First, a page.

Watching The Omen Collection made me realize how loopy all the continuity is between the four films. If you haven't seen all the movies you may want to skip this paragraph entirely since I will list nagging spoilerish issues that make my brain hurt. At the end of The Omen Damien is supposedly whisked away by what appears to be the President of the United States, yet in Damien: Omen II this never gets mentioned and he's with his uncle. The boy was born in 1976, but he's 12 in 1978, and 32 in 1981. Huh? He's the only ambassador to England I know that got the job when he was five years old! The Final Conflict adjusted the entire time line of Damien's life to suit its own purposes, and altered well known Biblical prophecy. At the end Damien says "You have won nothing.," and falls over deader than dead on an altar in front of a glowing specter that is assumed to be Jesus (honestly it looks like an animated velvet painting with good lighting). According to the previous movie mythology it would take all seven daggers to kill him, and he is taken down by a single blow to the back without the knife still in there? Then how do we arrive with Delia carrying on the evil legacy in Omen IV: The Awakening? It makes no sense given that The Final Conflict really should have cleansed the world with the Second Coming. Funny how people in the made for television story forgot about that in the ten years between this film and the last. Jesus came, and people ignored Him I suppose.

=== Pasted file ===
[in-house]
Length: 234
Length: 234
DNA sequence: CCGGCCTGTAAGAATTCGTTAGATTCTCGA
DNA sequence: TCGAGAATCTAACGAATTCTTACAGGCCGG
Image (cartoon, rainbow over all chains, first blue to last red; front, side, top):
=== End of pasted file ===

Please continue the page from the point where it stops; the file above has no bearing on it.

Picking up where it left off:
The Omen Collection feels like a wonderful batch of Hammer Horror classics complete with grand sets, glamorous Hollywood actors, and spectacular deaths done with an undeniably devilish style. I'm tempted to say they don't make them like this anymore, but I fear the remake will attempt it. You can't mess with perfection, and The Omen Collection has moments in each film where perfection is reached with a dazzling score, solid acting, and bizarre action sequences. Truth be told, only The Omen holds up well even today. Yet as each chapter unspooled in my DVD player, I was riveted to them all (yes, even the lame made for television one sucked me in). Even when the series submits to campy excess and ridiculous plotting it remains entertaining.